Banx & Ranx On Hitting 2 Billion Streams: 'Those Trophies Look Great on Walls, But It’s Not the End Goal'

"We’ve worked hard on having an identifiable sound that’s ours," the powerhouse Montreal production duo says.

Neil Mota

Montreal duo Banx & Ranx made it big outside of their home country first when they dropped the UK smash hit “Answerphone” in 2018 with Ella Eyre and Yxng Bane.

Nowadays, they’re fully invested in Montreal and Canada, with their own imprint 31 East and Universal Music Canada. Their latest is “The Birds,” a collaboration with rapper Zach Zoya about the walk of shame after a wild night out.

Like a lot of what Banx & Ranx does, the song is tailor made for the summer. The pair, Zacharie “Soké” Raymond and Yannick “KNY Factory” Rastogi, have been blending reggae, soca, and dancehall music with pop elements for some time, and their music always seems to find more ears in the summer.

For a Canadian production team, the numbers are impressive: over 2 billion streams and over 1 billion YouTube views globally. They also won a Juno, and got Grammy and Latin Grammy Award nominations.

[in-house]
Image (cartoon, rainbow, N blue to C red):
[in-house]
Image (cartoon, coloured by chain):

Complex Canada caught up with the Banx & Ranx to talk “The Birds,” what makes a summer hit, and becoming family with Sean Paul.

Tell me about new single “The Birds.”
KNY Factory: We wrote it in 2018.

Soké: We had some great writers on it: Linnea Sodahl, Iain James, Jacob Manson. We had the song, but we weren’t sure about the production. We flipped it into a funky, reggae vibe.

KNY: We pitched that song to so many places, even the acoustic version. Then our A&R guy at Universal said it was ‘our song,’ and to flip it in a way that makes sense for us.

S: But we didn't have an artist to drive the song.

KNY: We worked with Zach numerous times before, he’s a good friend of ours and a great songwriter on his own. It fit the record completely, but we weren’t sure at first. He brought a soul to the record. It was a pop record at first, but he brought it to life. It’s a song about partying and not wanting the night to end, but then the sun comes up the next day and the birds are singing. That’s your wake up call. It’s a walk of shame. We’ve got something else pretty big coming with him, not too sure yet when.

How would you describe the Banx & Ranx sound?